The Blesbokspruit wetland in the City of Ekurhuleni is rich in biodiversity and is home to a variety of birdlife. It was recognised as a RAMSAR Wetland in 1986, which means it is a wetland of international importance. This wetland, which is one of the largest in Southern Africa and the only RAMSAR site in Gauteng, has been impacted by industry, mining (acid mine drainage), dams, drainage channels, sewer leaks, and agricultural activities which makes it a conducive system for the infestation of aquatic invaders such as the water hyacinth. As a result, the wetland has been placed on the Montreux Record, which lists potentially threatened or degraded RAMSAR sites.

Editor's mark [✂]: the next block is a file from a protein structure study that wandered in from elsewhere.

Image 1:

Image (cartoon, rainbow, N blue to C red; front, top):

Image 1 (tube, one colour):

To address this problem, the City of Ekurhuleni (CoE) has been rehabilitating the wetland to get it back to a fully-fledged RAMSAR site, with one of the biggest tasks being to tackle the invasion of the water hyacinth. Many methods are being used including mechanical, chemical and biological control. There has been some success to date, with water quality improving and birdlife slowly returning but there is still much to be done. This is an important ecosystem in an urban and industrialised area